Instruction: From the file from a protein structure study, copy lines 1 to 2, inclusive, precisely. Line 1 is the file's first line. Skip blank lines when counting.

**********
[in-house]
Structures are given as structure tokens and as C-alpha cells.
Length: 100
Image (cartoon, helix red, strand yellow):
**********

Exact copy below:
[in-house]
Structures are given as structure tokens and as C-alpha cells.